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August 18, 1957 |
Neu-Ulm, West Germany
|Occupation||talk show host, comedian and television producer|
|Sat.1 Official Site|
- 1 Biography
- 2 Criticism
- 3 Awards
- 4 References
- 5 External links
Early and private life
As son of refugees who fled from South Moravia (now Czech Republic) in 1945, Schmidt spent his youth in Swabian Nürtingen, where he went to grammar school. Due to his strict Catholic upbringing he devoted time to the Roman Catholic church, serving as choirmaster and playing the organ.
At the age of 21, Schmidt went to Stuttgart to attend drama school for three years. After that, he gained on-stage experience at Städtische Bühne (Municipal Stage) in Augsburg. His first role was that of the 2nd Mamaluke in Lessing's Nathan the Wise. In 1984, Harald Schmidt became a text writer for the cabaret Kom(m)ödchen in Düsseldorf and in 1986, was honoured as "Best Newcomer cabaret artist" and toured through Germany with his own show. In October 2005, his daughter Amelie was born. Harald Schmidt resides in Cologne with his partner Ellen Hantsch, a school teacher, and five children, the eldest being from a former relationship. Little is known about the children and their two mothers as Schmidt shields them from the public. In interviews he hardly talks about them.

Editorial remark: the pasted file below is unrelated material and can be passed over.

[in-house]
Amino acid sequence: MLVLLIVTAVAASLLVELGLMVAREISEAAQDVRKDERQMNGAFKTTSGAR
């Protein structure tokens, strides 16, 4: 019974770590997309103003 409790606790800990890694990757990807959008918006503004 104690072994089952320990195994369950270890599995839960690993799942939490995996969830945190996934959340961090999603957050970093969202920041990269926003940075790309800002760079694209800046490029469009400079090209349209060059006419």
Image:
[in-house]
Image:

Later artistical career
Before long, TV noticed the talented young comedian and in 1988 Schmidt began to host his first TV show, MAZ ab. This was followed by shows like Psst! and Schmidteinander, but the biggest boost to his career occurred in 1992, when he started hosting the popular Saturday night show, Verstehen Sie Spaß? (a variation of Candid Camera). Schmidt was awarded Germany's most important TV award, "Adolf-Grimme-Preis", which would be followed by many others. Just one year later, he was honoured as the "Entertainer of the year" and awarded the famous Bambi award and the Golden Camera.
In 2004, Schmidt toured through Germany with a live comedy show, featuring his former late night show sidekick Manuel Andrack. Schmidt is best known for his late-night shows:
Harald Schmidt Show (Sat.1)